GETTING STARTED WITH SCRATCH
Scratch is the best educational programming software available today. No other tool makes programming as easy as Scratch does. Many similar products have been inspired by Scratch, but Scratch remains the most popular. With Scratch, you can create interactive games, animations, and science projects, all while having lots of fun!
Scratch is a free programming environment that runs in your web browser. It was designed by the MIT Media Lab’s Lifelong Kindergarten Group. Scratch users, called Scratchers, can create programs by snapping together code blocks in the Scratch editor. Although Scratch was designed for 8- to 16-year-olds, Scratchers consist of people of all ages, including younger children with their parents. The software makes it easy for anyone to start developing their programming and problem-solving skills.
Because Scratch runs in your web browser, there’s no software to install. It’s impossible for a Scratch program to damage the files on your computer. Scratch is completely free—there are no ads or in-app purchases, so kids can play with everything on the Scratch site and adults don’t have to worry about accidental charges.
In Scratch, you use the mouse to drag and drop code blocks, so little typing is needed. Here’s an example of the snap-together code blocks:
The visual Scratch editor provides you with quick feedback, so you don’t have to type mysterious commands for hours before you can see your programs come to life. Scratch makes programming immediate and fun. And unlike other programming languages, Scratch doesn’t have any error messages that pop up and confuse the programmer. If you want to learn the basics of programming (or help someone else learn), Scratch is second to none.
To start using Scratch, open your web browser and go to https://scratch.mit.edu/. It doesn’t matter whether you’re running Windows, OS X, or Linux, but you do have to run Scratch on a laptop or desktop computer. Scratch doesn’t work on tablets or smartphones.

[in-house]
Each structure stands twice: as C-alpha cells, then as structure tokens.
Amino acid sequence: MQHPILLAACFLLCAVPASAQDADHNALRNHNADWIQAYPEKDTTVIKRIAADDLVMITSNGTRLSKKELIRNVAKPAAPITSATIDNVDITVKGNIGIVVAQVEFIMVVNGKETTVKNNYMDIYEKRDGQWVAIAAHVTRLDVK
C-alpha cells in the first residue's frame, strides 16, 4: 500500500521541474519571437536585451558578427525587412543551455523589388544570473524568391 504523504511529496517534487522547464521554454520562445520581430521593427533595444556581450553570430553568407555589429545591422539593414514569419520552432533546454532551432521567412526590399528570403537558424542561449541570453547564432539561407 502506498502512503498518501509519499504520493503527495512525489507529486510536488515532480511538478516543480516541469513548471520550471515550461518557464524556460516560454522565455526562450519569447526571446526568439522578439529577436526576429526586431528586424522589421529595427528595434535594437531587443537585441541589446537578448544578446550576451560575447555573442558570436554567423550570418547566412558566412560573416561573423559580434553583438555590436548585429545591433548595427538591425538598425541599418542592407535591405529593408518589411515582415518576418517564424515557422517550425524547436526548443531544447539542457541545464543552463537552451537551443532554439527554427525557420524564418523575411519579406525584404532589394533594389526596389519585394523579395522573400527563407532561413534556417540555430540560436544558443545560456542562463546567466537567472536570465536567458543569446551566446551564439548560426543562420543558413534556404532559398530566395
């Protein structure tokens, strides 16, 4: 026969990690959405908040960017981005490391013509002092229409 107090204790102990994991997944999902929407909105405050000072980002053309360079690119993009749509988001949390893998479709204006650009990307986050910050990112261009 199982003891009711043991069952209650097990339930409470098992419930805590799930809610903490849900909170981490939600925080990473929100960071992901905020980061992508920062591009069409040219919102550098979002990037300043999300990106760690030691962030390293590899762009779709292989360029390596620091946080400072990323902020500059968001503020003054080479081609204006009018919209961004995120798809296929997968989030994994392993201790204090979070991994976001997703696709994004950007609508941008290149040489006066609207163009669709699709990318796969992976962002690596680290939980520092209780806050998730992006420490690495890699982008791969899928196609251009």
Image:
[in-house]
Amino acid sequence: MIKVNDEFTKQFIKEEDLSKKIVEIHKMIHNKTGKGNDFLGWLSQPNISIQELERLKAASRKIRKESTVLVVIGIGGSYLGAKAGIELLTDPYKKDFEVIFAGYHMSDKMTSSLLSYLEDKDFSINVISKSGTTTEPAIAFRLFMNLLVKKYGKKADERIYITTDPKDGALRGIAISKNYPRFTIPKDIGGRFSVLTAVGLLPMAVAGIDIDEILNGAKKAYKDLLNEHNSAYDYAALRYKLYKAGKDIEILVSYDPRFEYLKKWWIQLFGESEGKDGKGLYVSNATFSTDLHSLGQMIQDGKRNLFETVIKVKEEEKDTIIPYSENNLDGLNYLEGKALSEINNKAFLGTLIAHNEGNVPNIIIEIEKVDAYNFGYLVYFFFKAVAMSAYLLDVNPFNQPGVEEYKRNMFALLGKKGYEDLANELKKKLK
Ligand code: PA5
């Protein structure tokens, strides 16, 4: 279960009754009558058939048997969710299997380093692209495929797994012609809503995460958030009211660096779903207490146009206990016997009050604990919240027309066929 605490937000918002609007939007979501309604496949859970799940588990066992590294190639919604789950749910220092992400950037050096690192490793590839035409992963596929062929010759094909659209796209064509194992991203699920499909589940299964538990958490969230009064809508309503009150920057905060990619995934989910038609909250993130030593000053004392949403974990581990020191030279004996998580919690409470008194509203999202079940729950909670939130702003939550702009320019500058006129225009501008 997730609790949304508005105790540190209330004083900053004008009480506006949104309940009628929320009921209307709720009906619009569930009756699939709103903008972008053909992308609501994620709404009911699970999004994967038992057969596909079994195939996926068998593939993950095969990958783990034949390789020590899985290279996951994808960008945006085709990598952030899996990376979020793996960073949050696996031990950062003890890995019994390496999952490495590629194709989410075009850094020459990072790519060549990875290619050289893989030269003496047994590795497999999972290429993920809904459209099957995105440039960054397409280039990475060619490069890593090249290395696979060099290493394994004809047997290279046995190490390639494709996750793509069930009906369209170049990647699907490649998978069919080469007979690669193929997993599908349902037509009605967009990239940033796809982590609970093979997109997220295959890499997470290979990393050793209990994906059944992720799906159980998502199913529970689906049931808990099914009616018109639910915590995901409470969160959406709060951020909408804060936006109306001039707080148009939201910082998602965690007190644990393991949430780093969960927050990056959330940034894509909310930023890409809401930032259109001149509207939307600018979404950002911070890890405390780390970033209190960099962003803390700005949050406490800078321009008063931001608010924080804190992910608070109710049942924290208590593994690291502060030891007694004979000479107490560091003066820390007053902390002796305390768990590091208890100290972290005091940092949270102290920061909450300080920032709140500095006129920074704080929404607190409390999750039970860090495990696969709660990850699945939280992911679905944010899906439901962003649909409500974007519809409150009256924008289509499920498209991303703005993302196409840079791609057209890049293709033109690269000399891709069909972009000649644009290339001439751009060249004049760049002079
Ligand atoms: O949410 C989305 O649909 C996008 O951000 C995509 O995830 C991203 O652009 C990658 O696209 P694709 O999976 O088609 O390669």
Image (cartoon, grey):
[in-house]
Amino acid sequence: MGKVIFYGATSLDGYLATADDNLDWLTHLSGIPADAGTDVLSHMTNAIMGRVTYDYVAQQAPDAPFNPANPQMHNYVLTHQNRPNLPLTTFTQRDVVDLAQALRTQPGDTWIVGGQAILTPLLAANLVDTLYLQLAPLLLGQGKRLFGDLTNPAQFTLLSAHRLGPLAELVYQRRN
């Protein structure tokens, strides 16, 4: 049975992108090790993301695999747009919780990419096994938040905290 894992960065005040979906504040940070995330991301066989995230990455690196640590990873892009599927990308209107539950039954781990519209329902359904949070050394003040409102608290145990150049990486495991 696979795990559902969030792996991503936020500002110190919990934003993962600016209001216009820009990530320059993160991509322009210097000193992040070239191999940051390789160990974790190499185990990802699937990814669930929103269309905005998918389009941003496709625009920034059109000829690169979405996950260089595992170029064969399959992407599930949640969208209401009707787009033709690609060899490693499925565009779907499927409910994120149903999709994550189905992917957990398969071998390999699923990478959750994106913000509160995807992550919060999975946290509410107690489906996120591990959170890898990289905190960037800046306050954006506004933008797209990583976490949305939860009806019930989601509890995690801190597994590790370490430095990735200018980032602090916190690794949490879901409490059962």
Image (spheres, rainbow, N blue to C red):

The Raspberry Pi computer cannot run Scratch 2.0, the version of Scratch covered in this book.
Signing up for an account is free. You can create Scratch programs without an account, but having the Scratch account lets you save your programs online. Then you can continue working on them later from any computer connected to the internet.
Click the Join Scratch link at the top of the page to create an account. A new window opens:
After you’ve logged in to the Scratch website, click the Create link at the top of the page to start the Scratch editor.
THE OFFLINE EDITOR
The offline editor lets you program without being connected to the internet. If you don’t have internet access or if your Wi-Fi is unreliable, you can install the offline editor on your computer instead of using the Scratch website. The only difference is that programs will be saved on your computer instead of on the Scratch website. You can later upload your Scratch programs or copy them to a flash drive to move them to another computer.
The Scratch offline editor is available at https://scratch.mit.edu/scratch2download/.
You may find the editor software for an earlier version, Scratch 1.4. Don’t use this version; it’s out-of-date and doesn’t have the new features that Scratch 2.0 has. If you’re using Scratch in your web browser, you’re using Scratch 2.0. If you download an offline Scratch editor, be sure to download Scratch 2.0.